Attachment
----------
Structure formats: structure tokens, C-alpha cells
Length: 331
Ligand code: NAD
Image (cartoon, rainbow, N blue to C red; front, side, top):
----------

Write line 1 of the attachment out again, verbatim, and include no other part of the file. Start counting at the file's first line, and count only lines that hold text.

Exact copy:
Structure formats: structure tokens, C-alpha cells